Quote of the day
View your life with KINDSIGHT. Stop beating yourself up about things from your past. Instead of slapping your forehead and asking, “What was I thinking,” breathe and ask yourself the kinder question, “What was I learning?
~KAREN SALMANSOHN, author of The Bounce Back Book: How to Thrive in the Face of Adversity, Setbacks, and Losses
Getting a literary agent is tough, and I know firsthand what it’s like to query without getting requests. I know how frustrating the radio silence and form rejects can be. If you’re querying, you want to do everything you can to maximize your chances of getting requests. Here are some of my tips for the three main pieces you send out querying: the Query, the Synopsis, and the First Page.
Pain. Agony. Defeat. The manuscript you’ve slaved over for months, the screenplay you’ve rewritten seventeen times, is not working. There’s a flaw deep in the set-up that’s preventing you from being able to make the story flow.
If you write fiction, you need world building. It’s the skeleton of your story: though unseen, those bones determine the shape of the beast.
Here I thought I was crazy committing to write an entire first draft of an original comedy in November — FADE IN to FADE OUT in 30 days — especially how freakin’ busy I am. But as it turns out…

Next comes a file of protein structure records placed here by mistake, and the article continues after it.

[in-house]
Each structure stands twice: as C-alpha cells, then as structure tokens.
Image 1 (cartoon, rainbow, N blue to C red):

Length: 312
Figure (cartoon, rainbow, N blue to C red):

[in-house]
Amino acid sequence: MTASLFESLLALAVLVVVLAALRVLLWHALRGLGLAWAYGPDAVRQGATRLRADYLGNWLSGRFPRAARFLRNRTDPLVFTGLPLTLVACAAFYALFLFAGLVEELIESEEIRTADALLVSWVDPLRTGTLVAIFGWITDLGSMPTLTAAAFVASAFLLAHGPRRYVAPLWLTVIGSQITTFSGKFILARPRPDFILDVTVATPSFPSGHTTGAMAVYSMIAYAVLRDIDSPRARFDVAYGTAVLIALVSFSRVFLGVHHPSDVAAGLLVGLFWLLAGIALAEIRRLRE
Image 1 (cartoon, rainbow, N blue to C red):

‘Are you sure you want to self publish again?” asked a colleague of mine who is traditionally published. We were discussing my plans to self publish my historical novel. I felt defensive because I knew what was coming next. I’d heard it before. “You will never land a traditional publisher if you do. Believe me, I know.”
I’ve been teaching Stanley Milgram’s electric-shock experiment to business school students for more than a decade, but “Experimenter,” a movie out this week about the man behind the famous social science research, illuminates something I never really considered.
Does adversity harden hearts or warm them?
The Bounce Back Book How To Thrive In The Face Of Adversity Setbacks And Losses The Bounce Back Book
Negative stereotypes about getting older can become a self-fulfilling prophecy. How to improve your mind-set—and well-being.
You might think that the 12% service charge on your bill goes to the waiter but some restaurants share it with backroom staff while others make deductions for ‘admin fees’, breakages and customers who did a runner. Should we just get rid of tips altogether?